New Orleans, LA - Research led by Nicolas Bazan, MD, PhD, Boyd Professor and Director of the Neuroscience Center of Excellence at LSU Health New Orleans School of Medicine, found a new mechanism by which a class of molecules his lab discovered may protect brain and retinal cells against neurodegenerative diseases like age-related macular degeneration and Alzheimer's. Results, published online in PNAS, identify elovanoids as a potential new therapeutic approach for these devastating conditions.
"It is the first report that elovanoids are potential senolytic therapies because they target and dramatically arrest gene expression engaged in cell disturbances, including senescence gene programs and retina cell death in conditions that recapitulate retinal degenerative diseases," notes Dr. Bazan, who also hold the Ernest C. and Yvette C. Villere Chair of Retinal Degenerative Diseases at LSU Health New Orleans. "Since the retina is key in age-related macular degeneration and is an integral part of the nervous system, the reported discoveries are also applicable to Alzheimer's disease and other neurodegenerative conditions."
As humans age, cells gradually function more sluggishly and eventually become senescent, losing their ability to divide and renew. While senescence can be beneficial earlier in life by among other things, aiding wound healing and preventing tumor development, at older ages, tissues become littered with these dysfunctional cells, which then attract inflammatory immune cells. Along with accumulations of the toxic protein, Amyloid beta in brain and retinal tissues, the resultant chronic inflammation can lead to brain and photoreceptor cell death and the development of neurodegenerative diseases.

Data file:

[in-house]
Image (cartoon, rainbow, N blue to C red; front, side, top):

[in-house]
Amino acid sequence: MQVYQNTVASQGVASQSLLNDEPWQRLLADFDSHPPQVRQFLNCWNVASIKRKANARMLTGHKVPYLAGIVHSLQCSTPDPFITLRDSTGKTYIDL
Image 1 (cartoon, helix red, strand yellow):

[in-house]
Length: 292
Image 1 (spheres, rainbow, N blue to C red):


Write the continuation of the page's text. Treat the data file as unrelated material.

In experimental models of age-related macular degeneration (AMD) and Alzheimer's disease, Bazan's team found that elovanoids (bioactive chemical messengers made from omega-3 very long-chain polyunsaturated fatty acids) counteracted these processes. These novel compounds target senescence genes, a key senescence protein, and the expression of senescence-related genes in the retinal pigment epithelial cells. Elovanoids also restored the structure and integrity of both the retinal epithelial and photoreceptor cells after being damaged by amyloid beta. Overall, they foster repair, remodeling and regeneration.
"We demonstrate in the paper that the elovanoids block these events and foster the survival and function of these cells," Bazan adds. The incidence of blinding retinal diseases and cognitive-decline is rising due to longer life expectancy. The magnitude of these illnesses is exacerbated since the consequences of several neurological conditions could set in motion dementia-like states such as stroke, traumatic brain injury, etc.
Although the paper shows that elovanoids are protective for retina and likely brain as well, Bazan cautions that "further research is needed, particularly by using these models to define the intimacy of the gene transcription of senescence and the epigenomic implications of these findings." He reasons that his lab is now "poised to define further novel unifying regulatory mechanisms that sustain health span during aging and neurodegenerative diseases."
Besides Bazan, other members of the LSU Health New Orleans Neuroscience Center research team include Khanh V. Do and Drs. Marie-Audrey I. Kautzmann, Bokkyoo Jun and William C. Gordon. Robert Nshimiyimana, Rong Yang and Nicos A. Petasis from the University of Southern California, Los Angeles, also participated.
This study was supported by the National Institutes of Health/National Eye Institute grant R01 EY005121 and the Eye Ear Nose & Throat Foundation.
"A challenge of civilization is to slow down age-related decline and to be able to maintain quality of life, successful aging if you will," Bazan concludes.
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